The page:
The Short-tailed Hawk is a small hawk, only being about 17 inches long. It is rare in the North American Continent; only found in Florida and from central Mexico to Panama. The Short-tail is rare, even for a raptor. However, it is not protected by the Endangered Species Act in the United States.
The Short-tailed Hawk is also called the little Black Hawk, for its black color phase. A Short-tail in the dark color phase is dark brownish black or dark brown all over, excluding the white forehead and occasional white spot on underneath, grey underside of the tail and the grey barring of the tail. In light phase, the top side of the Short-tail is grey or grey black. The undersides are uniform white except for brown patches on the sides of the breast. The tail is barred black and grey and has a white tip. Immatures in light phase have white spotted with brown on the undersides. See Notes- Color Phases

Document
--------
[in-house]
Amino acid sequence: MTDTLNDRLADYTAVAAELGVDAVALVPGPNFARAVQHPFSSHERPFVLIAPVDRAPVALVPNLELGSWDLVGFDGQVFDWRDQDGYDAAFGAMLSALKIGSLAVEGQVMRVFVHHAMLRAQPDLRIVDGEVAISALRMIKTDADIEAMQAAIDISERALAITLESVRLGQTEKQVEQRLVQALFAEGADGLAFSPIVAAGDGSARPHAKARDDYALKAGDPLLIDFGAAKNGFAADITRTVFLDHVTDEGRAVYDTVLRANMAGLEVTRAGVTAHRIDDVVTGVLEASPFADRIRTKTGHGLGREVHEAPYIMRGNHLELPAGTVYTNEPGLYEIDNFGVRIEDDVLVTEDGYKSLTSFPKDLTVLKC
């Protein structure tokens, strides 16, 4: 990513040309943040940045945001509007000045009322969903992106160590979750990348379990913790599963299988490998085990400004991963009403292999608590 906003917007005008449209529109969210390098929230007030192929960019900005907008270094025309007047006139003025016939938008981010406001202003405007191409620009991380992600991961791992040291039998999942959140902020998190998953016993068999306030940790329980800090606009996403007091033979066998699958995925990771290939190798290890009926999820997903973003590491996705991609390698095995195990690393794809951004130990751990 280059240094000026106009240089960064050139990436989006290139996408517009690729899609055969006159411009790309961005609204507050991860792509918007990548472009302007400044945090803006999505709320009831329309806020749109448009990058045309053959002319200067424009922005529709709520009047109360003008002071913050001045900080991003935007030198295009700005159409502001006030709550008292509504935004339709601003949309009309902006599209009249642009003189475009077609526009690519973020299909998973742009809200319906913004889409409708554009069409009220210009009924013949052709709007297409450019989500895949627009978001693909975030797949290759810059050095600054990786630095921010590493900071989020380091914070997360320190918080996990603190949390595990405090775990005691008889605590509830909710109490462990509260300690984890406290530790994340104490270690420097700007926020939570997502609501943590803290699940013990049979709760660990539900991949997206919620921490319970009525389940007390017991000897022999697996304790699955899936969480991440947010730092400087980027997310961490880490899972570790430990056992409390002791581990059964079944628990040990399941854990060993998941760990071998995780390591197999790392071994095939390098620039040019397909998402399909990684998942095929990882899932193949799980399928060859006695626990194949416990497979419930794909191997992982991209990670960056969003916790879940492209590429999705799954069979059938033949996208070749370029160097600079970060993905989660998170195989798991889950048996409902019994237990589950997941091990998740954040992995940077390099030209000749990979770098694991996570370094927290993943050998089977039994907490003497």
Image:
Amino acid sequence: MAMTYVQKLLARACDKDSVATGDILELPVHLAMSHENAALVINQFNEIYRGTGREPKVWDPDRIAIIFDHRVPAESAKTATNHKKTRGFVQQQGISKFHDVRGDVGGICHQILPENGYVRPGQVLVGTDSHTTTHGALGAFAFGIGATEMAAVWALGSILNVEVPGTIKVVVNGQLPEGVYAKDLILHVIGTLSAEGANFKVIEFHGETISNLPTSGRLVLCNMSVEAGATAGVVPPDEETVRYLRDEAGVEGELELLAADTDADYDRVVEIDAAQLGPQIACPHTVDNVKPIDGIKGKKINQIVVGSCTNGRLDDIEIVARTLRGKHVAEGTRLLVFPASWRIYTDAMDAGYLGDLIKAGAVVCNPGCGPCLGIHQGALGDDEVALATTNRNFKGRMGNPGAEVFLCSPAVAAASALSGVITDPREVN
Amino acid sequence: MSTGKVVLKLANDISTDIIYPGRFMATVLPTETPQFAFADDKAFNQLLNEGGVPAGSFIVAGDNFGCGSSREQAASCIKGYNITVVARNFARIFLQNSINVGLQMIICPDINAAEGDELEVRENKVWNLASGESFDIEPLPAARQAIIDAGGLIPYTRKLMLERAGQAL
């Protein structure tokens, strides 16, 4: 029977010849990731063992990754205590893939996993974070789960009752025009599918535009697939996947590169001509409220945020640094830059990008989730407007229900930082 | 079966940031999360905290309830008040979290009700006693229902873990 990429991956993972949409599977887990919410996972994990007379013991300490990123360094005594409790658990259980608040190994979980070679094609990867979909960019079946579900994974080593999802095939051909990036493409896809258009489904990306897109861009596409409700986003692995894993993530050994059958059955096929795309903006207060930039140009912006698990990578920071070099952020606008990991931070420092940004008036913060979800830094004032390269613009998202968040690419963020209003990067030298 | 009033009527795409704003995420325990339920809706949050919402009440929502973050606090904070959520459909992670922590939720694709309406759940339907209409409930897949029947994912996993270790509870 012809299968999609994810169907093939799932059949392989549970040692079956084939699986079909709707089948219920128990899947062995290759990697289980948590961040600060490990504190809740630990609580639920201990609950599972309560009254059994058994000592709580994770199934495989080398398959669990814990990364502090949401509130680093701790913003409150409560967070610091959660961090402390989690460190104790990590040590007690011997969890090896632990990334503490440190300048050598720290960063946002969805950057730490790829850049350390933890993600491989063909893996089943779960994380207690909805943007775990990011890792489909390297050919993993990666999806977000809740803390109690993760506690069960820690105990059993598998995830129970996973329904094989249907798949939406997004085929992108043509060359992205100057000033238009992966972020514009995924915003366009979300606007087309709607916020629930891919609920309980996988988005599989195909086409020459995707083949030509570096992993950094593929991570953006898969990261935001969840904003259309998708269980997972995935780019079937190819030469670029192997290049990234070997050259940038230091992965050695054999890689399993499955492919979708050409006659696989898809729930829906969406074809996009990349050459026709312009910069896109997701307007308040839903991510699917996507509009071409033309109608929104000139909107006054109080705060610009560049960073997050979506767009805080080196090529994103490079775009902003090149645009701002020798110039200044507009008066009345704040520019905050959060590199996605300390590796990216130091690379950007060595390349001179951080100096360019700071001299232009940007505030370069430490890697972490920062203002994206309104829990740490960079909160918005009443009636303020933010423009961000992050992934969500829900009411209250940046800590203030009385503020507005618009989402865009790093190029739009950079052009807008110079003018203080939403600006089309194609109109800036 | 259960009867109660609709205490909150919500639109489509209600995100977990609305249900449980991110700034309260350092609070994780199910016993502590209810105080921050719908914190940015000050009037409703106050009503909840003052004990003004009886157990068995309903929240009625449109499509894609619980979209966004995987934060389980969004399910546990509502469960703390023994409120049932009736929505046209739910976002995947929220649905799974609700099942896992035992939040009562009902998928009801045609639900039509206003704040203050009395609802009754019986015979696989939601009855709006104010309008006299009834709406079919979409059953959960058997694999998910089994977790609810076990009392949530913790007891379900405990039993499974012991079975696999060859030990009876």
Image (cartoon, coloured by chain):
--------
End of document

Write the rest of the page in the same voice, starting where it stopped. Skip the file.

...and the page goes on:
Short-tailed Hawks prefer wooded swamps and wetlands. Nests are built in cypress trees out of cypress twigs and dried moss. 1 to 3 eggs are laid, pale blue. They may be spotted, but generally are not. Incubation periods and egg laying dates are not known.
Short-tailed Hawks primarily feed on small birds. Not much is known about this swamp-dwelling bird.